It’s not a secret that – as a user of Facebook – you don’t see every single thing posted by people or pages in your little corner of the Facebook universe. It’s all based on Facebook’s EdgeRank algorithm.
If you’re not familiar with EdgeRank, check out this nifty infographic by PostRocket – EdgeRank is Facebook’s formula that determines what a user sees in their newsfeed. It’s a complicated secret sauce, but the basic idea here is this: between your friends and the pages you like, there’s a lot of stuff being posted, and Facebook wants you see the posts that are most relevant to you. Relevancy is based on how much you interact with a friend or a brand page. The more you comment on, like or share posts, the more often that friend or page will appear in your feed.
Facebook has become a primary source of where we get our information about our friends’ lives, news, and what’s happening at local businesses. And if something’s not in your newsfeed, you’re missing out.
I experienced this in my life this week. It’s a small incident, but it illustrates the power of EdgeRank:
My friend Andrea and I take a Zumba class at our local gym. There are 2 instructors who teach the Zumba classes, and we prefer one instructor’s teaching style over the other. When we walked into the class this week, the other instructor was setting up. We saw a mutual friend and asked if she knew what was up – she said that the regular instructor announced on her Facebook page that she wouldn’t be teaching that day.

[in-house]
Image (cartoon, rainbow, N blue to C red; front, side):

Not a big deal to most people, but it was to us. We left during the class, before the first song was over.
“We were on Facebook all day,” I said to Andrea. “Why didn’t we see this?”
And then it hit me: EdgeRank!!! (shakes fist and screams at the sky) I didn’t see the Zumba instructor’s post because I never interact with her content. My lack of engagement means those posts are hidden from my newsfeed.
Something else hit me: Marketers talk all the time about what brands need to do – create engaging content, share more visual content, think about the frequency of posts, and find out what days and times are best – but the fans have a responsibility too.
If you are really loyal to a business, it’s a good idea to interact with a brand on Facebook on a regular basis so the information you’re interested in is coming to you in the newsfeed. It can be as simple as liking a post, or you could take a few seconds to write a comment. Or – if it’s something you think your friends might enjoy – click that share button.
Another thing that helps? Use Facebook’s interest list feature and give yourself easy access to all the recent information from the pages you really want to keep track of.
Have you missed out on something because you didn’t see it on Facebook? Let me know in the comments!
2 thoughts on “A lesson on Facebook EdgeRank: Fans miss out when they don’t engage”
I love hearing about EdgeRank from a (savvy) fan’s point of view! I’m teaching a group about EdgeRank tomorrow and will include this in my “further reading” section.
Thank you Lisa! And thanks in advance for sharing my post with your class 🙂 I’d also love to check out the other links in the further reading section. Can you post them?